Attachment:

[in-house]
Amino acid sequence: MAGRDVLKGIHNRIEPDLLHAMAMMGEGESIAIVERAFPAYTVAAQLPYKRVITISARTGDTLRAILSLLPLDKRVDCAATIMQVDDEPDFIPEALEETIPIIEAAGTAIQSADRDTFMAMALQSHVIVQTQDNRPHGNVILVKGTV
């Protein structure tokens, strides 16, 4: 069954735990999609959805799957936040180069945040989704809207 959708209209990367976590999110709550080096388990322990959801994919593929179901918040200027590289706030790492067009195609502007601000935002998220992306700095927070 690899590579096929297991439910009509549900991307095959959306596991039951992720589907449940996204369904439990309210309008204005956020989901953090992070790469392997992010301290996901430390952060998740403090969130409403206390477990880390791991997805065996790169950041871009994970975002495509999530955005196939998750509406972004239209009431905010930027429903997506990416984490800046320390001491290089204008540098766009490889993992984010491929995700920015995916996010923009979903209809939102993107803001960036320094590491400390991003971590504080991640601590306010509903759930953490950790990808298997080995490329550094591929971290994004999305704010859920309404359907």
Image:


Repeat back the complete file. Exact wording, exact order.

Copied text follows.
[in-house]
Amino acid sequence: MAGRDVLKGIHNRIEPDLLHAMAMMGEGESIAIVERAFPAYTVAAQLPYKRVITISARTGDTLRAILSLLPLDKRVDCAATIMQVDDEPDFIPEALEETIPIIEAAGTAIQSADRDTFMAMALQSHVIVQTQDNRPHGNVILVKGTV
């Protein structure tokens, strides 16, 4: 069954735990999609959805799957936040180069945040989704809207 959708209209990367976590999110709550080096388990322990959801994919593929179901918040200027590289706030790492067009195609502007601000935002998220992306700095927070 690899590579096929297991439910009509549900991307095959959306596991039951992720589907449940996204369904439990309210309008204005956020989901953090992070790469392997992010301290996901430390952060998740403090969130409403206390477990880390791991997805065996790169950041871009994970975002495509999530955005196939998750509406972004239209009431905010930027429903997506990416984490800046320390001491290089204008540098766009490889993992984010491929995700920015995916996010923009979903209809939102993107803001960036320094590491400390991003971590504080991640601590306010509903759930953490950790990808298997080995490329550094591929971290994004999305704010859920309404359907």
Image: